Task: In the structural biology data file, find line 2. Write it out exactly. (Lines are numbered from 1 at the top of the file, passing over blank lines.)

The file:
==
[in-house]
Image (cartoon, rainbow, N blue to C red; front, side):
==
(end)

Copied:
Image (cartoon, rainbow, N blue to C red; front, side):